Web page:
itemized deductions

Discussion in 'Professional Trading' started by o_2_b_sean, Apr 12, 2002.

  1. I made the MME this year for 2002 and on. I have been giving some thought to things that I could get now and deduct later that might improve my trading, my life, etc.

    Here is a small list I pulled from a tax booklet for day traders:

    publications: $860
    research: $775
    continuing education: $1500
    ISP Fees: $240
    Charting: $865
    Chat Room Feeds: $1050
    Level II Fees: $2900
    ------------------------
    Total: $ 8190

    Have any of you traders with Mark to Market actually claimed that much in itemized deductions. I sure would like to hear if you did and also if this list/example doesn't cover all the possible deductions. What about something like a new laptop? I suppose the real answer to this question lies in what deductions self employed people can take. As "self imployment" status is one of the things you as a trader are electing by filing the MME.
     
  2. tntneo

    tntneo Moderator

    sure, and if you trade at home you can deduct a part of your mortgage or rent (based on the area in your home you use).
    anyway, just look at itemized deductions publication from the IRS. whatever applies to small business does apply to you.
    you can deduct up to your total income.. you just can't do it for too long :) hehe.
    just kidding.

    seriously, it's a small home biz, that's how the IRS looks at it. no special treatment (but the MTM) expenses related to trading activity is easy to justify and deduct. keep proper books about all this, cause chances of an audit are real.
     
  3. JPB

    JPB

    I don't think it's quite the same as self employment, is it? I don't think you have to pay self-employment tax. If I'm wrong here, someone please let me know before Monday (when I'm sending in my MTM election).

    Thanks,

    Johnny
     
  4. Tntneo I didn't know that about the rent. Very cool. I will look into it. I agree about keeping good records though. This kind of pushing the envelope is sure to raise eyebrows at the IRS.

    JPB, don't worry about the self employment tax. I can tell you with 100% certainty that they don't apply, even though, it IS considered self employment. Here is a link with the basics on the Mark to Market election: http://www.fairmark.com/sitemap.htm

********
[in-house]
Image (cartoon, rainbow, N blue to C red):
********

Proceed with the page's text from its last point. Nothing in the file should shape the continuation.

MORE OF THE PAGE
5. Banjo

    Banjo

    what you're calling self employment tax is the 1/2 of social security that the employer usually pays, the other half is deducted from the employees check. If you're a small biz you get to pay the whole thing. Welcome to the club.It's the same weather you're a cabinet maker or a trader.
     
  6. JPB

    JPB

    I went through most of the links, and couldn't find it. I know i've read that self-employment tax doesn't apply, but I can't remeber where. I would like to hear from someone who has (or hasn't) paid it as a trader (this is my first year doing taxes as a trader).

    Banjo--Where are you getting your info?

    Thanks,

    Johnny
     
  7. Banjo

    Banjo

    from many years in many business', you're not going to beat the social security tax, maybe the self emp tax you're talking about is something else. Ask any cpa.
     
  8. All the deductions listed are legitimate, I make them all myself. I also claim 10% of my insurance, utilities etc. I have decided not to make a home office deduction, I think it complicates issues when it comes time to sell the house.

    There are several advantages of MTM. One of the greatest is loss insurance in which you do not have the limitation of writing off a maximum of $3000 in losses against other income. You can also carry back losses two years.

    There is no self employment tax for traders whether you file MTM or not.

    This is from the horses mouth:
    Self-employment tax. Gains and losses from selling securities as part of a trading business are not subject to self-employment tax. This is true whether the election is made or not.

    http://www.irs.gov/formspubs/display/0,,i1=50&genericId=12278,00.html

    Stuart
     
  9. Banjo

    Banjo

    Thanks for the page Stewart, I've never been able to avoid social securtity taxes. This looks like an answer. At 15.3% it is a consideration of consequence. Only a portion of my earnings have been from trading and I assumed I was also paying ss tax on that. http://www.irs.gov/formspubs/display/0,,i1=50&genericId=11973,00.html A complete definition of self employment tax.
     
  10. nkhoi

    nkhoi Moderator

    home office deduction, oversea coporation status trigger red flag, unless you don't care if you get an audit letter or not.
     
    #10     Apr 12, 2002